Listening to him, many people nod their head. But there are Sanjay Singh supporters who get annoyed at the paanwallah. "What have Rajivji, or for that matter Sonia or Priyanka done for us? Nothing!" shouts an angry voice.
The crowd is soon divided in two parties. 70 per cent Congress. 30 per cent BJP.
Says Paresh Kumar, a post graduate student, "Unemployment always existed in Amethi even when Rajiv Gandhi was here. In fact, Sonia Gandhi came only thrice to Amethi in the last nine years. Moreover, she came to neighbouring Sultanpur to address a meeting once, but did not bother to come here. What can you expect from her?"
The Gandhi detractors say even when Congress MLA Ram Harsh Singh has not been able to go close to Priyanka, how could Amethi's residents meet Sonia or her daughter. "Our problems can be solved only by Rajasaheb. Moreover, Priyanka only roams in cars whereas Rajasaheb -- we can go and meet him personally anytime," adds Paresh Kumar.
Bracing in defence, the Sonia camp says that Sanjay Singh could only be chanced upon at election time. He was never present in Amethi to listen to their woes.
Meanwhile, the scene at the local Congress office is lethargic. Plastic cups bob up and down in the rain water collected in its compound. Inaugurated by Rajiv, the office has a giant size picture of Rajiv and Sonia. Indira and Feroze Gandhi occupy the opposite wall. And old time Congress worker Bharat Pal Singh reveals he had no clue about the day's programme as it was directly being coordinated from the guest house.
Outside, one of the participants of a Congress cycle rally reveals he, like the rest, was paid Rs 75 for an eight-hour stint.
Suresh Kisan Vashishth, on the other hand, is a different, albeit unique example. Robed in saffron, 'Chakradhari' Vashishth left his home in Bijnore and has been travelling on a cycle rickshaw with a chakra spinning in his right hand. "This is my crusade against the videshi invasion," says the old man and swears to stay put in Amethi till the results are announced.
Sonia Gandhi's other two opponents are sporting enough to put up a cheerful front. The Samajwadi Party's Kamrud-Zamah 'Fauji', a former soldier -- and the party's candidate last year -- is hoping to cash on the free Urdu tuitions provided by SP leader Mulayam Singh Yadav to 1,100 Muslims and the goodwill generated by providing jobs as peons to several locals. "People are scared of the Raja of Amethi, so they openly do not show support for the SP," says district general secretary Gayatri Prasad Prajapati.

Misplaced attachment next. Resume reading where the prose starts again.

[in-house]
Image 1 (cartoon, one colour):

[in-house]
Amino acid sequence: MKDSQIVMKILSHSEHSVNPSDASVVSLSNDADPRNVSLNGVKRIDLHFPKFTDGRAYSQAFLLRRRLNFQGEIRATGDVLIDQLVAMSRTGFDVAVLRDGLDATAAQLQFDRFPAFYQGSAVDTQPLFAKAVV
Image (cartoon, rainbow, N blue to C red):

Of the five assembly segments -- Amethi, Gauriganj, Jagdishpur, Salon, Tiloi -- three are held by the BJP, one by the Congress, and one by the SP. The SP MLA recently joined the Congress.
The Bahujan Samaj Party has fielded Parasnath Maurya. "We will win if the BJP does not indulge in booth capturing," says advocate Abhay Raj Yadav, Maurya's chief election agent. Party workers in the thatched hut BSP office have given a list of 25 booths to the EC which will 'definitely' be captured. "Even we have arranged for our goons to counter theirs. As for the Congress, they are gutless," says Yadav matter of factly.
Congress activist and the creator of many imaginative Gandhi slogans Jagdish Piyush refutes this contention. Piyush, who has published many booklets on the Gandhis and publishes a booklet every year on Rajiv's birthday, is sure that booth capturing will not be easy this time. "I think the public also won't get bullied this time," says the poet who lives on the premises of his petrol pump.
After having met Sanjay Gandhi in 1977, Piyush became a full time Congress supporter subsequently and has coined some of their most popular slogans. Editor of a local paper, his recent edition of Amethi Samachar compares Priyanka to Lenin! 'You'll next compare me to Mao,' Priyanka told Piyush.
But for now Priyanka Gandhi rides high in Amethi as she fights her mother's battle for the seat her father won in 1981, 1984, 1989, 1991. "We expect Rajivji's dream to be fulfilled once Soniaji wins from Amethi," says advocate V P Mishra. Whether Sonia Gandhi is victorious or vanquished, her 27-year-old daughter has already won Amethi.